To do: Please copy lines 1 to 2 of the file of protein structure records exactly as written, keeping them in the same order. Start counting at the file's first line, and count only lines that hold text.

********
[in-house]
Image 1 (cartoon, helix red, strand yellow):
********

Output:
[in-house]
Image 1 (cartoon, helix red, strand yellow):